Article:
Networked: The New Social Operating System
In their new book, “Networked,” Lee Rainie, director of the Pew Research Center’s Internet & American Life Project, and Barry Wellman show how the large, loosely knit social circles of networked individuals expand opportunities for learning, problem solving, decision making and personal interaction.
Facebook IPO Not Selling on Social Media
The Facebook IPO was a hot topic on blogs, Twitter and Facebook last week with doubts about the stock’s value exceeding bullishness on the investment.
Facebook: A Profile of its ’Friends’
For years, the Pew Internet & American Life Project has been polling people who use social media, asking how they use it and what they get out of it. The results paint an interesting picture of what kind of people use sites such as Facebook, who they are connected to and how they manage their privacy.
Teens & Online Video
Nearly four-in-ten teenage (37%) internet users participate in video chats with others andf almost three-in-ten record and upload video to the Internet. Fewer teens (13%) stream live video for others to watch than engage in simple uploading.
While the number of Americans who go online has increased substantially over the years, about one-in-five adults still do not use the internet. About half of non-users don’t go online because they don’t think the internet is relevant to them.
Social Networking Sites and Politics
Postings on social networking sites reveal surprises for many users when it comes to the political views of their friends. Nearly four-in-ten users discovered through postings by friends that their political beliefs were different than they thought. A small percentage of users blocked, unfriended or hidden someone on the site because their political postings.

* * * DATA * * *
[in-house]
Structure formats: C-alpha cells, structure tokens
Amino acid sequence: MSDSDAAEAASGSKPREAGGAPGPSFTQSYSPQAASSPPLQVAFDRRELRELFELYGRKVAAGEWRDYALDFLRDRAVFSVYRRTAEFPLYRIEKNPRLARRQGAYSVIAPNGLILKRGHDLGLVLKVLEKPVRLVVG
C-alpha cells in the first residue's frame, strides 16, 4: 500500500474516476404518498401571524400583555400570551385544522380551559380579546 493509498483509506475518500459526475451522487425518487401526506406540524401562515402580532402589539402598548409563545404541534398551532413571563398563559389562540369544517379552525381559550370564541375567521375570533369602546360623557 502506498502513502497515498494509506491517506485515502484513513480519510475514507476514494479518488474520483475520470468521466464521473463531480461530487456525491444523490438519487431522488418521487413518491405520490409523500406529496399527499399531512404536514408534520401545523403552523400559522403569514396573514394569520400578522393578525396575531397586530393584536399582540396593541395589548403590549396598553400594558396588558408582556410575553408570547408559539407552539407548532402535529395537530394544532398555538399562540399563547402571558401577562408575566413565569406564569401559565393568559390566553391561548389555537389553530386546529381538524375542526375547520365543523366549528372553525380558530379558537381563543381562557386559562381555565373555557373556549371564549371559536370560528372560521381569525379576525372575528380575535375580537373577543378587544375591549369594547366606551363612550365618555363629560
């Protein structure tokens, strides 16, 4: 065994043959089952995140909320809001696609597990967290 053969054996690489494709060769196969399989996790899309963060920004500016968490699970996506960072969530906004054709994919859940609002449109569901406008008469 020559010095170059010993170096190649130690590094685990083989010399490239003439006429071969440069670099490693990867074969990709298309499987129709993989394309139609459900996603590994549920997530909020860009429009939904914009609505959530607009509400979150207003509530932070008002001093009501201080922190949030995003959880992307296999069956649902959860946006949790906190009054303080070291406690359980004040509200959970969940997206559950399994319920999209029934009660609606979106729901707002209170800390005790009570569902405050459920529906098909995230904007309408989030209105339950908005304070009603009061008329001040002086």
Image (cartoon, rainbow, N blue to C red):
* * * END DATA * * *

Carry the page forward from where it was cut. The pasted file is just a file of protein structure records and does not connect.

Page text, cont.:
Millennials Will Benefit And Suffer Due to Hyperconnected Lives
While experts see many young people becoming nimble analysts and decision-makers because of their embrace of the networked world, they also warn that some constantly-connected teens and young adults will lack a deep engagement with people and knowledge by being hyperconnected.
The Tone of Life on Social Networking Sites
An overwhelming majority (85%) of the adults who use social media report that people are usually kind on the sites. At the same time, 49% have witnessed mean and offensive behavior and they usually respond by ignoring it.
Why Most Facebook Users Get More Than They Give
Most Facebook users receive more from their Facebook friends than they give, whether the measurement is the number of friend requests received, the use of the “like” button, the number of messages sent or tagging people in photos. The phenomenon is driven by a segment of “power users.”
The Civic and Community Engagement of Religiously Active Americans
Religiously active Americans are more tied to many civic and other organizations than non-religious Americans. Many report that their use of technology helps them in their group activities.